elcome, laboratorians! It's Tribute Week here on DailyMTG, and this theme proved to be particularly challenging. While brainstorming ideas, I quickly realized that tribute is not the greatest mechanic in the world for Johnnies. Whichever effect you're trying to take advantage of, your opponent can simply choose the other one.
There are certainly some interesting things you can do with the mechanic if you stretch for it, but another idea caught my attention. What if I made this entire article a tribute? The only question left was what it should be a tribute to. I could make it about famous combo decks throughout Magic's history, but I've already built a number of decks based on old combos in this column. Of course, this column was around for a long time before I came along. Why not make a this a tribute to some of the previous mad scientists who ran this place?
Five years ago this week, From the Lab was under the command of Noel deCordova. Conflux had just been released, and it was the middle of Cycling Week. Noel's first deck was built around a very creative use of Homing Sliver. Using Artificial Evolution, he changed the word Sliver to Knight, enabling him to cycle Knights from his hand, then cast them from the graveyard using Haakon, Stromgald Scourge.
I looked for some other creature types that would be good to cycle for, and came across one that really got me excited: Lizards. Now, Lizards may not seem like a powerhouse tribe, but one Lizard in particular can do some great things with Lizardcycling: Basking Rootwalla.
When you Lizardcycle Basking Rootwalla, you can cast it for its madness cost. You can then search for another Basking Rootwalla and do it again. With Fluctuator to make cycling cheaper, it only costs one mana each time you cycle and cast a Basking Rootwalla.
At this point, however, this is just a very fancy way of getting four 1/1s onto the battlefield. There are still a few pieces missing. If you could somehow get the Rootwallas back into your library, you could keep cycling them for one another indefinitely. Wheel of Sun and Moon can do this, and with Altar of Dementia to sacrifice the Lizards, you can put your opponent's entire library in his or her graveyard as you repeatedly cast and sacrifice Rootwallas.
There's still the problem of mana, though. As it is, the combo requires one mana for each Lizard. Getting a second copy of Fluctuator on the battlefield will take care of the problem, but it would be nice to have a backup. Earthcraft can certainly do the trick. Since the Rootwallas enter the battlefield untapped, you can use each one to untap a land, paying for the next Lizard in line.
Impulse and Ponder can help you try to assemble this complicated combo, and Fabricate searches for some of the most important pieces.
Eight years ago, From the Lab was known as House of Cards, and Chris Millar was at the reins. Guildpact of the original Ravnica block was the latest set, and Chris built several decks around the idea of using the shortest card names possible. Typing is hard work, so Chris kept the cards to only one-syllable names, aside from basic lands.
I could have chosen to follow the same idea. After all, there must have been at least a few one-syllable card names in the last eight years. However, this seemed like the perfect opportunity to highlight a card that has always been dear to me:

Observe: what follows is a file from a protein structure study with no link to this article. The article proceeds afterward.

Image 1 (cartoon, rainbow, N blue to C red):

Our Market Research Shows That Players Like Really Long Card Names So We Made this Card to Have the Absolute Longest Card Name Ever Elemental
Unhinged was a set I enjoyed for a number of reasons, but one of the biggest was that it gave me one of my favorite silly combo decks of all time. You see, Unhinged had an unassuming one-mana Aura in it that was perfect for OMRSTPLRLCNSWMTCTHTALCNEE: Wordmail. I'll save you some time. The answer is twenty-five. For one mana, you can give the Elemental +25/+25. Pretty sweet, right?
Wordmail wasn't the only Unhinged card to care about card names. In fact, it was one of the themes of the set. With Bosom Buddy, for example, casting the Elemental will give you an extra 12-½ life.
Name Dropping allows you to get cards back from the graveyard if your opponent says a word in their names. With a whopping twenty-three words that can bring back the Elemental, including "card," "the," "so," "this," "that," and "to," it shouldn't be hard to catch your opponent with "Gotcha!"
Keldon Mantle allows you to give the Elemental trample, ensuring most of that 27 damage (or more with art rampage) gets through. It can also be used to regenerate the creature, protecting it from many removal spells. Fertile Ground and Chromatic Lantern make sure you have the colors of mana necessary to activate the abilities.
Idyllic and Enlightened Tutor help find Wordmail, as well as Keldon Mantle, Name Dropping, and a few other cards. Between the two of them, you should almost never be stuck with a tiny 2/2 Elemental.
Of course, this is Unhinged, so I can't pass up including a few cards mostly for comedy value. Emcee and "Ach! Hans, Run!" ask you to announce the name of the card, and although it might take you a few minutes, it will undoubtedly be worth it just for the look on your opponent's face. Demonic Consultation also asks you to name a card, and has the added bonus of helping you get the card in the first place.